Irving Primary Care

The importance of getting a pap smear

Getting a regular medical checkup is the key to preventing any serious illnesses that may develop later. .

One of the most important tests women over 21 should get done is a pap smear. A pap smear is crucial in determining the signs of cervical cancer. Don’t wait until it’s too late for you to do anything.

Cervical cancer

Cervical cancer results in an abnormality in the cells of the cervix, which is the section of the uterus forming the opening of the vagina. Like all cancers, the earlier you find out and treat it, the better, because cervical cancer also has very serious consequences. This can only be detected through a pap smear test.

The causes of cervical cancer

Cervical cancer is caused due to the cells in the cervix being infected with HPV. HPV, or Human Pappiloma virus, is caused by unsafe sexual activity between people. It is important to note that HPV doesn’t always cause cervical cancer but it does increase the likelihood of a woman suffering from it. Since there are different types of HPV, you should get a pap smear test that will determine which type you have contracted. It is common for sexually active people to be infected with HPV and the symptoms vary.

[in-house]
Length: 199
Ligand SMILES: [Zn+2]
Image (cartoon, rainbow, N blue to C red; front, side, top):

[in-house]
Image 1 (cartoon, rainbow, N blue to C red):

A pap smear test not only shows if you have any HPV, but it also detects any changes in the cells of the cervix that could lead to cancer.


  • Pain in the pelvic area
  • Abnormal vaginal discharge
  • Abnormal bleeding from the vagina (not related to menstruation, menopause etc)
  • Pain after or during sex

Preparing for the pap smear test

To get screened for cervical cancer, you need to get an appointment with a gynecologist or primary care provider at your earliest. After the consultation, your doctor will get a pap smear test done. A sample of your cells from the cervix will be taken to the lab to be tested. In some cases, a biopsy is also done if you are experiencing any serious symptoms or if there are signs of a cancerous growth.

How often should one get a pap smear test?

The US Preventive Services Task Force (USPSTF) recommends screening for cervical cancer in women age 21 to 65 years with a pap smear every 3 years or, for women ages 30 to 65 years who want to lengthen the screening interval, screening with a combination of pap smear and HPV testing every 5 years.